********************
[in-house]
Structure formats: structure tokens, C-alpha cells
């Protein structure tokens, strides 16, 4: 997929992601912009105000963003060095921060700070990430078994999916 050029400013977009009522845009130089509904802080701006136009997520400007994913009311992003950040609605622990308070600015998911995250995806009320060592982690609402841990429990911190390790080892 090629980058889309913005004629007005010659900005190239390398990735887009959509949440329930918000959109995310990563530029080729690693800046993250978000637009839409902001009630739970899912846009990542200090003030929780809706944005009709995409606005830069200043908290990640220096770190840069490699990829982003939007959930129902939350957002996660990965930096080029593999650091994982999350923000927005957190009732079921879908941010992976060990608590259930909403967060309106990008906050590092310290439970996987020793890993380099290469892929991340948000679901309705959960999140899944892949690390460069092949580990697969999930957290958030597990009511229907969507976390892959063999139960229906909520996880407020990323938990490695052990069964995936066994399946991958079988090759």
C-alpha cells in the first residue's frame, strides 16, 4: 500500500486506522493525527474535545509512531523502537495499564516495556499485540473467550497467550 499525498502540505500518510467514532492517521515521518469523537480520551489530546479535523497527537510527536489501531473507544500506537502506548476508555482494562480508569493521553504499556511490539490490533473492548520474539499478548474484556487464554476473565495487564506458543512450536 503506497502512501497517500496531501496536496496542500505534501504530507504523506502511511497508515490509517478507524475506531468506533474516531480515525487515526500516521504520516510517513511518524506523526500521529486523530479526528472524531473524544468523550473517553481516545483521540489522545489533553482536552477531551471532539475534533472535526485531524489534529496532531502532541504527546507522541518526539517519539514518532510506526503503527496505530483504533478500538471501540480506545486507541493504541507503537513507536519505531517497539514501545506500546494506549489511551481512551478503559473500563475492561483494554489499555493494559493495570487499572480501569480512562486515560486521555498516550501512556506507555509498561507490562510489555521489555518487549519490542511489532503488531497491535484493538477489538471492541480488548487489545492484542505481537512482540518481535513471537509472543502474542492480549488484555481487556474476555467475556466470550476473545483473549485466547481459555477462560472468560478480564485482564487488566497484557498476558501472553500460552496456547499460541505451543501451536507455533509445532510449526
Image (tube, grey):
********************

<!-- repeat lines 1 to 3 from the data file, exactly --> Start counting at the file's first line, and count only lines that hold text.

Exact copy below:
[in-house]
Structure formats: structure tokens, C-alpha cells
């Protein structure tokens, strides 16, 4: 997929992601912009105000963003060095921060700070990430078994999916 050029400013977009009522845009130089509904802080701006136009997520400007994913009311992003950040609605622990308070600015998911995250995806009320060592982690609402841990429990911190390790080892 090629980058889309913005004629007005010659900005190239390398990735887009959509949440329930918000959109995310990563530029080729690693800046993250978000637009839409902001009630739970899912846009990542200090003030929780809706944005009709995409606005830069200043908290990640220096770190840069490699990829982003939007959930129902939350957002996660990965930096080029593999650091994982999350923000927005957190009732079921879908941010992976060990608590259930909403967060309106990008906050590092310290439970996987020793890993380099290469892929991340948000679901309705959960999140899944892949690390460069092949580990697969999930957290958030597990009511229907969507976390892959063999139960229906909520996880407020990323938990490695052990069964995936066994399946991958079988090759």